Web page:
We live in a world that operates like clockwork. But that clockwork would be dysfunctional without time zones. When arranging a remote meeting between colleagues across the globe, it's crucial to know what time it is where you're meeting them. Otherwise, it may be breakfast when they are having lunch, and 4 pm could be pitch dark when they're getting ready to wrap up.
Fortunately, there are 24 time zones on the globe to make our lives easier. Each zone is 15 degrees of longitude wide and represents a unique location on the Earth.
Most of the United States population lives in the Eastern, Central, and Pacific time zones. However, there are a few other states that have their own special time zones, including Alaska and Hawaii. And then there are the various US territories, including Guam, American Samoa, Puerto Rico, and the Northern Mariana Islands. Combined, these territories and regions have 11 different time zones.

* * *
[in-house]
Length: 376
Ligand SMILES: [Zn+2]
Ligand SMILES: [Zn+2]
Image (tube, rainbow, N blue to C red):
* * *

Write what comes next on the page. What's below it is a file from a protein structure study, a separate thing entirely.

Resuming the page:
The most populated time zone is the Mountain Time Zone (MST). MST is observed in six states in the United States and also by two provinces in Canada as well as by the Mexican state of Nayarit. The MST zone covers a large portion of the Western United States and even goes up to the Arctic Circle in Russia and China. As a result, MST is the most populated time zone with nearly 1.3 billion people living in its bounds. It's the second most populated time zone overall after GMT-12 which has a staggering 1.252 billion residents.